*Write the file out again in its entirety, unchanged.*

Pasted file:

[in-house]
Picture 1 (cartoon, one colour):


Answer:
[in-house]
Picture 1 (cartoon, one colour):